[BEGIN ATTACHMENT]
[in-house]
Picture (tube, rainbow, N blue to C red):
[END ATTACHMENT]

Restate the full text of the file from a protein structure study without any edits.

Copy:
[in-house]
Picture (tube, rainbow, N blue to C red):